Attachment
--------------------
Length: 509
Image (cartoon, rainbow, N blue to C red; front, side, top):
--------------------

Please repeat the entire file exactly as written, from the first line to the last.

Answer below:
Length: 509
Image (cartoon, rainbow, N blue to C red; front, side, top):